current and targeted. Traditional media "deliver" information to their
Marketer Push (Traditional)
Marketer Information-------------> Mass Market
Demand Pull (Server host)
Marketer Information <----------- Individual customer demand
Approximately $300 million in 1996 was the total spent on WWW
as a medium ($5bn predicted by the year 2000, Jupiter Communications). Is
that the true picture of the marketing investment that companies have
made in this medium?...no!!
There are two
considerations that one should keep in mind before evaluating media dollar
The age of the medium (Wired magazine pioneered online advertising in
The Dollar value quoted is for online ads (banners) and not for online
The true value of the medium should be reflected in its ability to allow a
corporate presence to perform marketing functions, not just the value of
the advertising banners which are essentially there to drive browsers to
the online presence. Other media do not allow for a "presence" in the
same sense that WWW does, thus dollar comparisons are invalid.
WWW can be thought of as comprising three main components:
Language is the language
that is used to develop WWW documents. This language was developed in
1989 by Tim
Berners-Lee at the European Laboratory for Particle Physics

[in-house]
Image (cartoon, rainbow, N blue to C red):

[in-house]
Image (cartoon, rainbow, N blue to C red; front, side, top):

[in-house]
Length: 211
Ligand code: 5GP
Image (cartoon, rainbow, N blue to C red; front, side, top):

(CERN) in Switzerland. It is available free to use. Click on
view option of your
Netscape browser and scroll down to the view source option to view the
HTML code that was used to create this document. This ability to view the
source document makes learning the HTML language relatively simple. The
need to learn the language is diminished by the use of WYSWYG HTML text
that operate databases and animation use more advanced programs such as
CGI and Java.
"Browsers" are software programs that are used to view WWW documents. To
HTML and browser in simple context you can use the analogy of the
television. You have programs (developed content) and TV sets (browsers).
The marketplace for browsers is very competitive. The market leader (and
commercial pioneer) is
Netscape's Netscape Navigator. Microsoft's Internet Explorer is emerging
as a competitive threat, as one
would imagine once Microsoft realized the value of an internet strategy.
The third component is the access provider. To continue our TV
analogy, the access provider is similar to your local cable
company (assuming that you need a cable company to provide you
access to the network and cable TV). An Internet user generally has
access from two disctinct
Work/School, using their corporate or school account
Home, using an internet service provider
The marketplace for commercial internet service providers is very
competitive. The types of companies involved can be broken down as
Major service providers such as:
Telephone companies such as AT&T
Local Internet Service Providers such as Erols, Panix, Earthlink
Local Delaware providers.
- American Online
- Microsoft Network (bundled with Windows 95)